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IR Approved Author Carrie Hayes: “People are generous and they do want you to succeed.”

Naked Truth or Equality, the Forbidden Fruit received a 4+ star review, making it an IndieReader Approved title.

Following find an interview with author Carrie Hayes.

What is the name of the book and when was it published?

Naked Truth or Equality, the Forbidden Fruit was published Leap Year Day, February 29, 2020

What’s the book’s first line? 

The door is ajar, enough to lean forward and peer out.

What’s the book about? Give us the “pitch”. 

New York City in 1868 is filled with intrigue, lust and ambition. Based on a true story, sisters Tennessee Claflin and Victoria Woodhull must risk everything in their fight for sexual equality.

What inspired you to write the book? A particular person? An event?

In 2014, I read Barbara Goldsmith’s very brilliant book, Other Powers. Victoria and Tennessee just wowed me and I couldn’t stop thinking about them.

What’s the main reason someone should really read this book?

I think it speaks to the cyclical nature of history, and how  we sometimes undermine our own efforts when fighting for progress or justice.

What’s the most distinctive thing about the main character?  Who-real or fictional-would you say the character reminds you of?

With their unconventional charisma and talent for reinvention, both Tennessee and Victoria reminded me of my mother. I recognized them instantly.

When did you first decide to become an author?

I think the material decided for me. When I realized I was in it for the long haul, that was all there was to it.

Is this the first book you’ve written?


What do you do for work when you’re not writing?

I work with my husband who’s an architect.

How much time do you generally spend on your writing?

I sit at my desk at least 4 hours a day. If I’m lucky, I put words on the page,  for about two of those hours.

What’s the best and the hardest part of being an indie?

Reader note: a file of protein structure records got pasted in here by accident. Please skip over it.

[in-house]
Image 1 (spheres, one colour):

The best part is, it’s all on you! Which is also a staggering responsibility. But it’s thrilling, too. The hardest part is understanding how  publication works, and how the energy needed to build momentum works. That part is really hard.

What’s a great piece of advice that you can share with fellow indie authors?

Be open to learning as much as you can from everyone everywhere.  Find a good editor and don’t skimp on the beta readers. People are generous and they do want you to succeed.

Would you go traditional if a publisher came calling?  If so, why?

I don’t know if I would. Understanding the back end of the publishing detail is so hard, that to have somebody else at the wheel would be amazing. On the other hand, I don’t know if I want somebody else at the wheel…

Is there something in particular that motivates you (fame? fortune?)

The thrill of a good story. The thrill of reading a good story. To write something that someone would want to read is a thrill.

Which writer, living or dead, do you most admire?

I love Taffy Brodesser-Akner’s work. Her writing is a trifecta of unflinching honesty,  humor and compassion. Reading her stuff is sublime.

Which book do you wish you could have written?

Washington Black  by Esi Edugyan is a breathtaking masterpiece. I wish I could write a book like that!